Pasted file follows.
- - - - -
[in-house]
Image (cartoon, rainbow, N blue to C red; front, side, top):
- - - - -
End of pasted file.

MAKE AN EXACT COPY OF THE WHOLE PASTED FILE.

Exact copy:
[in-house]
Image (cartoon, rainbow, N blue to C red; front, side, top):